Social support and intimate partner violence victimization among adults from six European countries
Dias, N., Costa, D., Soares, J., Hatzidimitriadou, E., Ioannidi-Kapolou, E., Lindert, J., Sundin, O., Toth, O., Barros, H. and Fraga, S. 2018. Social support and intimate partner violence victimization among adults from six European countries. Family Practice. https://doi.org/10.1093/fampra/cmy042
|Authors||Dias, N., Costa, D., Soares, J., Hatzidimitriadou, E., Ioannidi-Kapolou, E., Lindert, J., Sundin, O., Toth, O., Barros, H. and Fraga, S.|
Background: Social support may buffer the negative effects of violence on physical and mental health. Family medicine providers play an essential role in identifying the available social support and intervening in intimate partner violence.
Objective: This study aimed at assessing the association between social support and the intimate partner victimization among adults from six European countries. Methods: Cross-sectional multi-centre study included individuals from Athens (Greece), Budapest (Hungary), London (United Kingdom), Östersund (Sweden), Porto (Portugal) and Stuttgart (Germany). Data collection was carried out between September 2010 and May 2011. The sample consisted of 3496 adults aged 18–64 years randomly selected from the general population in each city. The Revised Conflict Tactics Scales 2 was used to assess intimate partner violence victimization. Social support was assessed with the Multidimensional Scale of Perceived Social Support.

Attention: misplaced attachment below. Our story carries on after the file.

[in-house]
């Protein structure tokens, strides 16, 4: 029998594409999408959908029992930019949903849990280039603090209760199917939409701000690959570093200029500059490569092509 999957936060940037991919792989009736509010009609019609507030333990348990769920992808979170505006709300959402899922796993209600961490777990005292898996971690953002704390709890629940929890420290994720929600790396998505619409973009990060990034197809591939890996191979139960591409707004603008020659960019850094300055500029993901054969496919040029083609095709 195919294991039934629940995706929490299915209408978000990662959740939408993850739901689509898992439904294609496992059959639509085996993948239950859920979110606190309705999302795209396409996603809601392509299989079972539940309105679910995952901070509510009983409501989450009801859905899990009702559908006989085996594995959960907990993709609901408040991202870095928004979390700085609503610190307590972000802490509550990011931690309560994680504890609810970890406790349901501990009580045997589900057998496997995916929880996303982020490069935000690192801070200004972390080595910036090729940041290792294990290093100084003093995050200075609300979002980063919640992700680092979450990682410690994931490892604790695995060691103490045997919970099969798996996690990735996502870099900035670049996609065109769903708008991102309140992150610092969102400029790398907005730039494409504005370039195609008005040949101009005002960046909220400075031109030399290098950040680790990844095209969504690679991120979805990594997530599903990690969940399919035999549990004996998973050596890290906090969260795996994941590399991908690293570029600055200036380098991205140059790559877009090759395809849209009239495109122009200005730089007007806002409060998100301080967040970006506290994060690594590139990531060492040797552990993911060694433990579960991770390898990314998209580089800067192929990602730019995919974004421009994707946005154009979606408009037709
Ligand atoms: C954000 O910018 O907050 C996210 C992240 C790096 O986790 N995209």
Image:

Results: Participants reporting physical assault victimization experienced lower social support (mean±standard deviation) than their counterparts, 66.1±13.96 vs. 71.7±12.90, p<0.001, for women; and 67.1±13.69 vs. 69.5±13.52, p=0.002 for men. Similar results were found regarding sexual coercion victimization, 69.1±14.03 vs. 71.3±12.97, p=0.005 for women and 68.0±13.29 vs. 69.3±13.62, p=0.021 for men. This study revealed lower levels of social support among participants reporting lifetime and past year victimization, independent of demographic, social and health-related factors.
Conclusion: Results showed a statistically significant association between low social support and intimate partner victimization. Although the specific mechanisms linking social support with experiences of violence need further investigation, it seems that both informal and formal networks may be associated with lower levels of abusive situations.
|Keywords||Adult; cross-sectional studies; Europe; intimate partner violence; social networking; social support|
|Publisher||Oxford University Press|
|Digital Object Identifier (DOI)||https://doi.org/10.1093/fampra/cmy042|
|Online||21 May 2018|
|Publication process dates|
|Deposited||19 Jun 2018|
|Accepted||28 Apr 2018|
|Accepted author manuscript|
|Accepted author manuscript|
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